Catheter-Based Completion of the Fontan Circuit
A Nonsurgical Approach
A 3-year-old girl had an unbalanced atrioventricular septal defect, hypoplastic left ventricle, and aortic coarctation. She underwent placement of a right ventricle-to-pulmonary artery conduit and arch reconstruction as a newborn (Sano procedure). A bidirectional cavopulmonary anastomosis was performed at 5 months of age, at which time a blind connection was created between the roof of the right atrium (RA) and the undersurface of the pulmonary artery (PA) for potential percutaneous completion of the total cavopulmonary (Fontan) circulation (Figures 1 and 2⇓).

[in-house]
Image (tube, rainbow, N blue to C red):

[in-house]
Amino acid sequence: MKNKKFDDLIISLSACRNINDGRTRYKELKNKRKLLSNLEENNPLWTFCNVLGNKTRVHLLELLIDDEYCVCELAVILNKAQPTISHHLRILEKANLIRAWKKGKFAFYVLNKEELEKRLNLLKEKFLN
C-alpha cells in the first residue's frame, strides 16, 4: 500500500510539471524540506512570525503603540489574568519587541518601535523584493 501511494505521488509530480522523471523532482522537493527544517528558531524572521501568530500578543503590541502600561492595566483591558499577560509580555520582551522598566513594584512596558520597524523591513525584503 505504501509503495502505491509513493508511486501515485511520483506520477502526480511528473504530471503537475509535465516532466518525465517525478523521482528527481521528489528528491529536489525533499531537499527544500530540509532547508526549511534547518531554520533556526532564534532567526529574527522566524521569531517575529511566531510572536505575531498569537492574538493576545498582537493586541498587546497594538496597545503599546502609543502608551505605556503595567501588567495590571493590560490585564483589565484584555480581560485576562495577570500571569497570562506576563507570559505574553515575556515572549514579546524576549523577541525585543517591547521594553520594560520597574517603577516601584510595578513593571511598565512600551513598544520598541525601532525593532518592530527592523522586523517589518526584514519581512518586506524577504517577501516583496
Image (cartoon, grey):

At catheterization, access from the right internal jugular vein allowed needle perforation of the PA and passage into the RA through the previous surgical connection. A guide wire was externalized through the femoral vein and a 12-Fr sheath positioned in the PA. A 60-mm covered stent (NuMed Inc, Hopkinton, NY) was then placed to connect the inferior vena cava (IVC) to the PA, completing the Fontan circuit (Figure 3). There was immediate normalization in arterial oxygen saturation. Shortly after extubation, however, hypoxemia developed because of stent migration from the IVC into the RA. A second covered stent was placed to bridge the gap between the IVC and the first stent, with a complete obliteration of the right-to-left shunt (Figure 3). At the 3 month follow-up visit, normalization of oxygen saturation had persisted. To maintain stent patency, daily aspirin and clopidogrel were administered.